I believe that the contract that was imposed is a fair one under the current fiscal conditions facing the County. I will be the first to tell you that my interactions with members of this union (OCAA) have been excellent. The County is blessed with a great group of attorneys. I also know that frustrating them with no salary increases is an unpleasant thing to do and I am fully aware that it is a disincentive to nearly 500 fine employees. I also know that members of the private sector have had to take pay cuts and that no one should be immune (as the article below in the Voice of OC tries to point out). Hopefully, all of the bargaining units will understand and appreciate the necessity for employees to pick up their share of the defined benefit pension plan contribution. If some of the members believe that wages are more important than a pension plan, then I would not blame them for finding a more lucrative position in the private sector. Fortunately, when openings for legal positions are posted on the County’s website, there are hundreds of applicants. This communicates to me that the County’s compensation package is considered desirable by those qualified to serve in this capacity. In the meantime, let’s hope that the real estate market continues to improve (property taxes represent 92 percent of the County’s General Fund revenue) and that the retirement system continues to achieve double-digit investment returns (the pension system is only two-thirds funded, thus requiring ever increasing contribution amounts), and that in the future the County will have the resources to provide for salary increases. Other than County employees migrating back to their previous pension formulas, patience and hope are the only viable alternatives.
OC Supervisors Impose Labor Contract on Public Attorneys
BY NORBERTO SANTANA JR.
The Orange County Board of Supervisors voted unanimously Tuesday to impose a labor contract on the county’s nearly 500 public attorneys, a move that was immediately met with a lawsuit threat from the union that represents the lawyers.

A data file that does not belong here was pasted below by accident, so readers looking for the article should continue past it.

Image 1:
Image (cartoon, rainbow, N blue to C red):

“You know we’re going to sue you,” said Scott Van Camp, a leader of the Orange County Attorney’s Association, which includes attorneys from the district attorney, public defender and county counsel offices. The union has already filed an unfair labor practice action against the county.
Van Camp and other union attorneys argued that the board is violating a recently enacted California pension law by imposing higher pension contributions in a labor negotiation. County negotiators disagreed, saying supervisors can still impose terms.
At issue is the county’s demand that all employees join the rank and file in paying for the employee share of monthly contributions to the county retirement system. Since a new pension benefit tier was introduced in 2004, general employees have been paying their employee share of pension payments, along with the impacts from a retroactive boost granted that year to more senior workers.
Given the attention on ballooning, unfunded pension liabilities and Gov. Jerry Brown’s own revisions to the state’s pension system, known as the Public Employees Pension Reform Act, there has been heightened focus on making better-paid workers — attorneys, public safety officials, executives, managers and elected officials — do the same.
“At some point you have no choice but to impose, because you’ve got to get these savings or the system is going to implode,” said Supervisor Todd Spitzer.
Yet having those at the upper end of the pay spectrum to pay their full employee share has been challenging.
County supervisors have yet to agree to pay for their own employee share. Managers only accepted it after it was imposed by a fact-finding panel.
In general, upper-end workers like the managers have been attempting to secure salary increases to make up for the requirement they increase their pension contributions.